BLOG | Liverpool City Council’s Equality Objectives consultation

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Council Leader, Cllr Liam Robinson urges everyone, living or working in Liverpool, to take part in a consultation on the Council’s equality objectives 2024-2028.

One of the core values of Liverpool City Council is to be inclusive, this means we want to build a council that represents our city. Not only that, but we want to celebrate difference and individuality, so that everyone can bring their whole selves to work. It is so important that we as a city offer support to those most marginalised in our society.

This work has never been more important, especially when we think about upcoming events in the city that celebrate the cultures that make up our city. This weekend we are celebrating Lunar New Year, and the Council, in partnership with other local organisations, is putting on a series of events to showcase the vibrancy of Europe’s oldest Chinese community. We can also look forward to Ramadan in March, an important time for many of our residents to spend time with their families and reflect.

Liverpool can proudly boast many important milestones and pioneers when it comes to equality and inclusivity. For example, one of Britain’s first black Mayors, John Archer, was born in Liverpool in 1863 before going on to lead Battersea Council in 1913. More recently Joanne Anderson became the UK’s first directly elected black female mayor in 2021. We are also the home of Britain’s earliest recorded mosque, founded in 1889 in West Derby.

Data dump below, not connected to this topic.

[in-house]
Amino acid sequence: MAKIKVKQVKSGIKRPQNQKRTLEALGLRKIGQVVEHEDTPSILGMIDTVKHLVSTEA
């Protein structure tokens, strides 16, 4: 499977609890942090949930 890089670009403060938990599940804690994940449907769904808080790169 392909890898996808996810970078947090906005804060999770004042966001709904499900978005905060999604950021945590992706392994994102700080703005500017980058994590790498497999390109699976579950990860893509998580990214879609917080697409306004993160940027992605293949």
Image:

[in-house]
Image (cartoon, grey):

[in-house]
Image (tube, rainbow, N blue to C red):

Every four years the Council sets its equality objectives. These help the Council focus on what is most important to Liverpool’s communities, residents and employees.

This is a vital piece of work that will help Liverpool become a fairer, more inclusive and equal city. These objectives will be at the core of the services that the Council provides and will act as guiding principles for us.

In the past, the Council’s equality objectives have led to some really impactful outcomes, for example:

As part of our objective to reduce inequality, The Council’s first Race Equality Officer was appointed in August 2022 to work with Liverpool schools to promote and enhance racial equality and diversity within the city’s education system. This role is the first of its kind across local government.

One of our objectives was to strengthen our communities and neighbourhoods. This goal was at the heart of our new neighbourhood model which aims to change how the Council works with its communities to better understand need and demand across Liverpool’s diverse communities. I was delighted to welcome our 13 new neighbourhood managers to the Council recently and I am already working hard with my neighbourhood manager to tackle some key issues in my ward.

Being a fair and inclusive employer was a core principle as well. As a result, the Council has hosted supported internships placements for the past three years. Supported internships are a work-based study programme for 16–24-year-olds with Special Educational Needs and Disabilities and who have an Educational Health and Care Plan. Supported internships help these young adults to gain meaningful work experience and have a secure stepping stone into sustainable paid employment.

For 2024 to 2028 the Council wants views on these draft equality objectives. The objectives are:

  • To reduce inequality and improve life chances
  • To lead the city in celebrating diversity and tackling inequality
  • To foster good relationships within Liverpool’s diverse communities and better understand their needs
  • To provide and commission excellent services
  • To be an inclusive employer

It is my hope that these objectives will allow us to improve and enrich the day to day lives of all the residents and communities here in Liverpool.

We can only achieve these objectives if we work together as a community and that they are based on everyone’s input, so please take the time to contribute.

Thank you,

Cllr. Liam Robinson, Leader of Liverpool City Council

How to comment
Fill in the quick online survey by clicking here:

Comments are welcome from anyone who lives or works in the city, or who is affiliated to a local group or organisation.

Alternative formats are available on request from, and you can also use the email address to ask any questions about the consultation.

Liverpool Waterfront